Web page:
Nedbank has invested R8.3-million in conservation group WWF South Africa's Sustainable Agriculture Programme, which aims to tackle food security challenges as well as protect natural resources in the country.
"A recent United Nations report titled 'Food and Agriculture: The future of sustainability' stresses the urgent need for the worldÂ’s farmers to be empowered to produce more food per unit of land, water and agrochemicals, while confronting widespread physical resource scarcity, a changing climate, and rapidly increasing input costs," WWF-SA's senior manager for sustainable agriculture, Inge Kotze, said at the launch in Cape Town last week.
"These challenges overlaid with the degradation of our natural eco-systems and biodiversity make modern day agriculture more precarious than ever."
Collective and collaborative partnerships
Collective and collaborative partnerships have an important role to play in enabling sustainable agriculture which contributes to the reduction of environmental and natural resource impacts, said Nedbank Agriculture's John Hudson.
"No single individual or organisation has the capacity to deliver the level of change required to make a real and lasting contribution to the sustainability of our country’s agriculture,' he said.
"[This] is why this partnership with WWF-SA is designed to unlock the full power of collective, public-private partnerships, collaborative investment, and support and recognition for those that demonstrate commitment and innovation in meeting the agricultural challenges facing South Africa and the world in the 21st century."
Only 13% of the South African landscape is suitable for arable or permanent cropland, and two-thirds of the country's surface freshwater resources are currently utilised for irrigated agriculture, according to WWF-SA.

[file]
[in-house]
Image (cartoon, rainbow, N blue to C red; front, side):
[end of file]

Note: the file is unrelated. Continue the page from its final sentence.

Supporting a vibrant agricultural sector
"There is an urgent need to redefine and refocus our vision in terms of the future of food and the role of agriculture in reaching that future," Kotze said.
"This is why the Sustainable Agriculture Programme is aimed at enabling better production, rather than merely focusing on increased output alone.
"By promoting and supporting a vibrant and profitable agricultural sector in this way, we can all help to address potential food security challenges, while at the same time protecting the country’s/the planet’s natural resources, and unique biodiversity," she said.
Hudson said Nedbank aimed to promote and reward agricultural best practice and innovation. "By 2050, conservative estimates are that there will be around 9-billion people living on Earth.
"If our country is going to overcome the significant environmental, social and economic challenges involved in feeding our population at this time, it is the responsibility of every one of us to start thinking and acting more sustainably right now," he said.